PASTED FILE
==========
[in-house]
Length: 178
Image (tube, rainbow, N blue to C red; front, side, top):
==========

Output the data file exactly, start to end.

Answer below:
[in-house]
Length: 178
Image (tube, rainbow, N blue to C red; front, side, top):